The week before Easter we went to confession. We would go shopping for our Easter outfits. We would spring clean the house. We went to church each day for Holy Week. On Holy Thursday we would all go with my Mom and Aunt to the Santuario. However starting early in the morning we would visit each church in Santa Fe, pray a rosary at each church and light a candle. We would then visit each church on the way to Chimayo. We would arrive late afternoon, visit the posito, get Holy dirt and holy water. When we got home we would cook some Lenten foods early for Good Friday because we needed to be done by noon time. On Friday morning we woke up early and started cooking immediately. We had to finish by 11:00 am. My mom would have a tray with small crystal clear bowls lined up. We would serve some of our food into the small bowls and then cover the whole tray with a tea towel embroidered by my Mom, starched and ironed. We would take a tray to all our Aunts and Uncles who lived in the neighborhood. Then we had to finish by noon time because all radios, music and disconnected phones were shut off for the Holy three hours. We would kneel in front of a nicho that our Santo Nino de Atocha sat with candles lit, rosaries, scapulars and other small tokens surrounding him. We prayed a rosary and other prayers led by my Mother and Grandma. My Grandma’s prayers were in Spanish. We could not talk or do anything for those three hours. After our three hours we continued to deliver trays of food and finally sit to eat our meatless Lenten Meal when Dad got home from work. I have continued this tradition for 50+ years.

Sunday, 02 April 2017 19:19

Northern New Mexico Folk Art

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I believe that folk art comes in many different mediums.  Paintings, carvings, sculptures, weavings and others.  Folk art also includes the written word.  A quintessential example of this is the book "Lo de Mora" written by Manuel Alcon.  Sr. Alcon, a native of Mora, educator and World War II veteran, meticulously compiled this book over a 40-year period of time.  The book is a very detailed history of Mora which is one of the most beautiful communities in northern New Mexico.  He was inspired by his father, Ben who kept a daily diary and encouraged him to attend college and his mother Rosaura who instilled in him the love of reading.  Sr. Alcon, well into his nineties, should be congratulated for his accomplishments.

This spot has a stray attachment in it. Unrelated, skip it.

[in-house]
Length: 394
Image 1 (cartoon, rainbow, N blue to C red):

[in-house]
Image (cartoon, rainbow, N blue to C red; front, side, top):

The book had a limited print run and there are some copies still available.  If you are interested in purchasing a copy, you can email Sr. Alcon's granddaughter (and my friend), Allegra Pacheco at:  This email address is being protected from spambots. You need JavaScript enabled to view it.

The price of a copy is $20 plus shipping costs.

Saturday, 01 April 2017 17:23

Underground Pit Cooking in New Mexico

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When I was growing up in Tesuque, every fall my father would host a party for all of his friends and their families.  He would cook a quarter beef underground.  This method of cooking in New Mexico was thought to originate with the pueblos and then passed on to the Spanish.  The method was quite simple. A large hole was dug and lined with rocks.  A large fire was built and allowed to burn down to coals.  Whn the coals were ready,they were removed,  the wrapped food was placed in the pit, the coals were put back into the pit, a cover was placed over the food, and the whole thing was buried.  After several hours, the pit was dug up and the food was served.

My dad used the same method, but the materials were updated.  His hole was lined with brick, and the cover he used was old roofing tin.  At 3:00 on the morning of the party, we would fill the pit with firewood and let it burn.  In the meantime, he prepared the beef.  He salted and peppered it and wrapped it in cheesecloth.  He wrapped several layers of wet burlap (which had been soaking overnight) around the meat and secured it with baling wire.  4 hours later, when the coals were ready, they were removed from the pit, the meat was placed on the bricks, and it was covered with the roofing tin.  The coals were shoveled on top of the tin and everything was buried with the dirt.  It took 8 - 10 hours to cook.

The photo is of my dad (right) and Herman Barkmann pit cooking at the Santa Fe Winter Sports Club in the 1960s.

--Mike Lord